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Glycolysis is the catabolic process responsible for oxidizing one molecule of 6-carbon glucose into two molecules of 3-carbon pyruvate, in itself generating a net two ATP (four total subtracting the two ATP required at the beginning of the pathway) as well as reducing two of electron carrier NAD+ into NADH. In aerobic conditions, the two molecules of pyruvate continue by conversion into acetyl-CoA (producing an additional NADH each) to the citric acid cycle, and the reduced molecules of NADH go on to donate their hydrogens to the electron transport chain (contributing to the production of additional ATP and recreating the oxidized NAD+ required for glycolysis to continue).
The net reaction for glycolysis is:
glucose + 2 Pi + 2 ADP + 2 NAD+ → 2 pyruvate + 2 ATP + 2 NADH + 2 H+ + 2 H2O
The pathway occurs by 10 enzyme catalyzed steps. A molecule each of ATP is used in phosphoryl transfers of steps 1 and 3 (catalyzed by hexokinase and phosphofructokinase, respectively). The six-carbon molecule is cleaved into two three-carbon molecules in step 4, one molecule of which goes through the step 5 isomerization to match the second molecule. Both three-carbon molecules then proceed through steps 6-10 producing 1 NADH (step 6), 2 ATP (steps 7 and 10), and 1 H2O (step 9).
Glucose can be polymerized for storage as polysaccharides glycogen in animal cells or starch in plant cells, both characterized by α linkages.
Glycogen is produced during glucose surplus by glycogenesis. When glucose levels are low, the removal of glucose monomers from glycogen through glycogenolysis produces (after a conversion step) a phosphorylated glucose-6-phosphate ready to enter glycolysis at step 2, a process that will not require ATP hydrolysis by using available Pi instead.
Amylase enzymes are capable of breaking down starch polysaccharides during digestion for the purpose of glucose absorption.
In anaerobic circumstances, when oxygen is not available to act as the final electron acceptor of the electron transport chain, glycolysis can only continue by the regeneration of the required electron acceptor NAD+ (from NADH from glycolysis) through the process of fermentation, transforming each pyruvate into one molecule of lactate in most eukaryotes or ethanol in some yeast and bacteria. The process of fermentation foregoes any additional ATP production that would have taken place by oxidative phosphorylation but allows for the continuation of glycolysis (with its 2 net ATP production).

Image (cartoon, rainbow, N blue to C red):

Gluconeogenesis, which occurs mostly in the liver, is an anabolic, energy consuming process that allows for the production of glucose from non-carbohydrates to maintain adequate glucose levels. It follows a path in reverse of glycolysis with alternatives for glycolysis's irreversible steps 1, 3, and 10, catalyzed by hexokinase, phosphofructokinase, and pyruvate kinase, respectively.
The net reaction for gluconeogenesis is:
2 pyruvic acid + 4 ATP + 2 GTP + 2 NADH + 2 H+ + 6 H2O → glucose + 4 ADP + 2 GDP + 2 NAD+ + 6 HPO42- + 6 H+
Precursors for gluconeogenesis include lactate converted back to pyruvate, glycerol (from fat metabolism) converted into DHAP (an intermediate), and amino acids including alanine converted to pyruvate.
The pentose phosphate pathway is an alternative path for the oxidation of glucose. In lieu of generating ATP, the pentose phosphate pathway produces the reducing (antioxidant) molecule NADPH (useful in fat synthesis), ribose-5-phosphate for nucleotide / nucleic acid synthesis, and two intermediaries of glycolysis (fructose-6-phosphate [enters step 3] and glyceraldehyde-3-phosphate [enters step 6]).
Glycolysis produces 2 net ATP and 2 NADH per glucose. Conversion of pyruvate to acetyl-CoA produces 1 NADH (2 NADH per glucose). Electron carriers contribute to the ATP count in total aerobic respiration by donating electrons (hydrogen) to the electron transport chain that drive production of 2-3 ATP per NADH and 2 ATP per FADH2.
Each turn of the citric acid cycle produces 1 ATP, 3 NADH, and 1 FADH2 (2 ATP, 6 NADH, and 2 FADH2 per glucose, two turns of citric acid cycle).
Together, glycolysis, the conversion of pyruvate, and the citric acid cycle produce 4 ATP, 10 NADH, and 2 FADH2 per molecule of glucose. Completing oxidative phosphorylation through the electron transport chain, these produce 4 + 30 + 4 = 38 ATP per glucose. Transport of NADH produced from glycolysis in the cytosol into the mitochondria in eukaryotes requires 1 ATP each, so the net ATP production becomes 36 ATP.
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